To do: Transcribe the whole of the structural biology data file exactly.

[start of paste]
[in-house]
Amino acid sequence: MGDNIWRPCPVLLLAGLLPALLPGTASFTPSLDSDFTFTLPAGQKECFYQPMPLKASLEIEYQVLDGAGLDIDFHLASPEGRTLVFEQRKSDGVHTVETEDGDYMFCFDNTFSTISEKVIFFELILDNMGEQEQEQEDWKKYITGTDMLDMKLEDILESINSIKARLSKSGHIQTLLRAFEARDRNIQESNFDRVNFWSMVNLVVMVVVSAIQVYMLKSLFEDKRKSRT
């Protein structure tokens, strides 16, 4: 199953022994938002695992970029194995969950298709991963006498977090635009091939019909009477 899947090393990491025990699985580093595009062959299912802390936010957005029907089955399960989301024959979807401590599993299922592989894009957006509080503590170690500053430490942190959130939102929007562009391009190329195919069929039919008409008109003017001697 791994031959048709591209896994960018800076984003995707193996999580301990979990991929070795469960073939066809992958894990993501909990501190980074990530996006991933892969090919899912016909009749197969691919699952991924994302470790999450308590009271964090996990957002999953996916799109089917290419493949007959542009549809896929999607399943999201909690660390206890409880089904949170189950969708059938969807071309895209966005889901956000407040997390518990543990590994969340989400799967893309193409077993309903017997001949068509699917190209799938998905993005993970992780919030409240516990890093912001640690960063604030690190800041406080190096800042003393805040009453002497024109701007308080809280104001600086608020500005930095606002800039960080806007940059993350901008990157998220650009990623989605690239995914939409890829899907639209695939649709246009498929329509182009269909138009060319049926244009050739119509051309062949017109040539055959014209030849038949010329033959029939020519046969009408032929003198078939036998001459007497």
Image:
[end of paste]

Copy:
[in-house]
Amino acid sequence: MGDNIWRPCPVLLLAGLLPALLPGTASFTPSLDSDFTFTLPAGQKECFYQPMPLKASLEIEYQVLDGAGLDIDFHLASPEGRTLVFEQRKSDGVHTVETEDGDYMFCFDNTFSTISEKVIFFELILDNMGEQEQEQEDWKKYITGTDMLDMKLEDILESINSIKARLSKSGHIQTLLRAFEARDRNIQESNFDRVNFWSMVNLVVMVVVSAIQVYMLKSLFEDKRKSRT
């Protein structure tokens, strides 16, 4: 199953022994938002695992970029194995969950298709991963006498977090635009091939019909009477 899947090393990491025990699985580093595009062959299912802390936010957005029907089955399960989301024959979807401590599993299922592989894009957006509080503590170690500053430490942190959130939102929007562009391009190329195919069929039919008409008109003017001697 791994031959048709591209896994960018800076984003995707193996999580301990979990991929070795469960073939066809992958894990993501909990501190980074990530996006991933892969090919899912016909009749197969691919699952991924994302470790999450308590009271964090996990957002999953996916799109089917290419493949007959542009549809896929999607399943999201909690660390206890409880089904949170189950969708059938969807071309895209966005889901956000407040997390518990543990590994969340989400799967893309193409077993309903017997001949068509699917190209799938998905993005993970992780919030409240516990890093912001640690960063604030690190800041406080190096800042003393805040009453002497024109701007308080809280104001600086608020500005930095606002800039960080806007940059993350901008990157998220650009990623989605690239995914939409890829899907639209695939649709246009498929329509182009269909138009060319049926244009050739119509051309062949017109040539055959014209030849038949010329033959029939020519046969009408032929003198078939036998001459007497």
Image: